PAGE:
After the Sino-Japanese War (!894-1895), overpopulation and unemployment became pressing issues in Japan. Many intellectuals were concerned about the social and economic hardships caused by these problems and advocated solving them through emigration. The prominent journalist and professor of geography at the Tokyo Senmon Gakko (presently Waseda University), Shiga Shigetaka (I863-1927), believed that Hawai'i was an ideal migration destination for the unemployed and impoverished Japanese.
|Title of host publication||Hawai'i at the crossroads of the U.S. and Japan before the Pacific War|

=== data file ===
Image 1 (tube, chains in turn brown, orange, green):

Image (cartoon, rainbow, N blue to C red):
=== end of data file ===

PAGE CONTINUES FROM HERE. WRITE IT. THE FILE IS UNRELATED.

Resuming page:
|Place of Publication||Honolulu|
|Publisher||University of Hawai‘i Press|
|Number of pages||21|
|Publication status||Published - 2008|
Gavin, M. (2008). In search of a new identity: Shiga Shigetaka's recommendations for Japanese in Hawaii. In J. T. Davidann (Ed.), Hawai'i at the crossroads of the U.S. and Japan before the Pacific War (pp. 171-191). Honolulu: University of Hawai‘i Press.